However, the report also notes that the level of support is “not overwhelming”.
The poll surveyed California-registered voters, finding that support for sports betting in California edges out the opposition. If a referendum arrives in November – which will depend on whether ballot measures for such a referendum can receive enough signatures – 45% of responders plan to vote in support. Meanwhile, 33% of voters are inclined to oppose the measure, while 22% remain undecided.
Opinions are tied to professional sports fandom more than any other factor, according to Berkeley IGS’ poll. Voters who “express a lot of interest in pro sports” support legalised sports betting almost three times more (63%) than voters who don’t express such interest (22%).
Among the poll’s key demographics, men support California sports betting more than women, generally. Young and middle-aged voters support it more than older voters. Political party lines seem to have little bearing on voter opinions, with roughly 40% of both Republicans and Democrats in support.
IGS co-director Eric Schickler said: “It is rare these days for a political issue to not be seen as partisan. But legalising sports betting in California appears to be one of them, at least for the time being.”
The state currently has numerous proposals, each with its own tax rate and suggested regulations, that could appear on the ballot in November. One proposal, called the Age Verified Tribal Online and In-Person Sports Wagering & Homelessness Solutions Act, was introduced by four of the state’s tribal operators. If approved, the measure would authorise in-person and online sports betting to be conducted and regulated by tribal operators with extra oversight from the state and federal government. That measure followed a separate proposal from seven sports betting operators: Bally’s, BetMGM, DraftKings, Fanatics, FanDuel, Penn National Gaming and Wynn Interactive. Filed in September, the commercial operator-led proposal sets forth a sports betting framework within which tribal operates could offer sports betting with commercial partners.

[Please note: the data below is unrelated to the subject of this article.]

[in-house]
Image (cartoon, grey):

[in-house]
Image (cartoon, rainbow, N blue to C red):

A third proposal set forth by three California cities that host cardrooms – Colma, San Jose and Gardena – is also seeking signatures.
Each of the proposals above would need signatures commensurate with 8% of the number of people who voted in the most recent gubernatorial election. Right now, that number sits at 997,139.
A fourth proposal – the California Legalize Sports Betting Initiative – has already garnered enough signatures to make the ballot. The measure was proposed by 18 Native American tribes, but it would not allow for online sports betting. The proposal allows for retail sports betting at tribal properties and racetracks.